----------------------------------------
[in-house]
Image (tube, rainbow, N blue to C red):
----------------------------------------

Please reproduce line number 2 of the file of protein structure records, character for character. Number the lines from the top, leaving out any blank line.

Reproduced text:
Image (tube, rainbow, N blue to C red):